Interpreting the Medical Device Amendments and Applicable Precedent

To settle this dispute, the Supreme Court turned to judicial precedent and the plain text of the Medical Device Amendments’ preemption clause. In particular, the Court relied on its 1996 decision in Medtronic v. Lohr. In Lohr, the Supreme Court had ruled that the Medical Device Amendments preempt state requirements only when the FDA has established “specific counterpart regulations or there are specific requirements applicable to a particular device” [11]—in other words, only when the FDA has a regulation that covers the same safety aspect or the same device that the state requirement covers. The Court rejected the Medtronic contention that general labeling requirements for all medical devices fall under this “specific counterpart” description [10].

Unlike general labeling requirements, premarket approval entails an in-depth review of a specific medical device. Writing for the majority, Justice Scalia stressed that the premarket approval process for medical devices is one that is rigorous and highly individualized [1]. The Court held that because “premarket approval is specific to individual devices” it constitutes “federal safety review” which, under the Medical Device Amendments, preempts state law [1]. Because the Medtronic catheter that burst during Charles Riegel’s angioplasty had premarket approval from the FDA, state claims against its manufacturer were invalid under the Medical Device Amendment and Lohr [1]. In support of this holding, Justice Kennedy emphasized during oral arguments that, if state law damage claims were not preempted by federal regulations, state juries would be asked to repeat the demanding review process already completed by the FDA for any potentially hazardous device [3].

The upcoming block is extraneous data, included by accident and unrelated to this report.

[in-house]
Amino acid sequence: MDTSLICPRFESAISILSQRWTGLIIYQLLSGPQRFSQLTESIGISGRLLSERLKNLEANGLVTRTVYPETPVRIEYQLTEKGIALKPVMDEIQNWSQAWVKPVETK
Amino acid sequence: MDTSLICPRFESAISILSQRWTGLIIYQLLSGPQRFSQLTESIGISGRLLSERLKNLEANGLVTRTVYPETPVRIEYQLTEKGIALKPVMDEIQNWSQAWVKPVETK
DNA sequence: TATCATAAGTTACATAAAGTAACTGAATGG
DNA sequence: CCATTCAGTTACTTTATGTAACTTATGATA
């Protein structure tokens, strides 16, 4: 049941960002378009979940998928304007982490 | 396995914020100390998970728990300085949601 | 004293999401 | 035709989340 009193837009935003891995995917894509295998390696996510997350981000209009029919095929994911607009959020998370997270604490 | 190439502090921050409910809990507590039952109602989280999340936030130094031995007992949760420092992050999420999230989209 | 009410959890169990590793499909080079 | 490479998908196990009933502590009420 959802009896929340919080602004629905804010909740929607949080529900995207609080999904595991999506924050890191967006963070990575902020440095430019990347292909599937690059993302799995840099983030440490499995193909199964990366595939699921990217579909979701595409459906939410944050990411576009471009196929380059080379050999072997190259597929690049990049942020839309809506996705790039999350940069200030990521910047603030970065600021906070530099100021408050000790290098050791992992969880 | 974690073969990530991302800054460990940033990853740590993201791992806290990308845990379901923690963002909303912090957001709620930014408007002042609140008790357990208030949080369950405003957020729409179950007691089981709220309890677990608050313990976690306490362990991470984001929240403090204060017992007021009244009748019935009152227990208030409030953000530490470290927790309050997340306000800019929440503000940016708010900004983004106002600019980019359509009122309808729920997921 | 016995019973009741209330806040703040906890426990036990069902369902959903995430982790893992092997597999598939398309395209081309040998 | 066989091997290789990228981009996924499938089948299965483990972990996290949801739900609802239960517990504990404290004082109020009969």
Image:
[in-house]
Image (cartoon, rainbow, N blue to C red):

The Effect of the Ruling

By ruling against the Riegels, the Supreme Court refused to allow injured patients to sue device manufacturers whose products pass the FDA’s findings of adequate safety. This ruling prevents courts from enforcing state regulations on medical devices with premarket approval unless those restrictions are identical to corresponding FDA restrictions. Going forward, this may prevent consumers injured by such devices from receiving adequate compensation [8]. Though consumers are not completely without legal recourse—they can still bring suit against negligent manufacturers under state laws identical to FDA requirements or against negligent physicians—the Supreme Court has immunized PMA medical devices from many product liability suits founded in state law, leaving some injured consumers without a common source of judicial remedy [1, 10].


Medical device classification

The Food and Drug Administration (FDA) has established classifications for approximately 1,700 different generic types of devices and grouped them into 16 medical specialties referred to as panels. Each of these generic types of devices is assigned to one of three regulatory classes based on the level of control necessary to assure the safety and effectiveness of the device. The three classes and the requirements which apply to them are:

Device Class and Regulatory Controls

  1. Class I General Controls
    • With Exemptions
    • Without Exemptions
  2. Class II General Controls and Special Controls
    • With Exemptions
    • Without Exemptions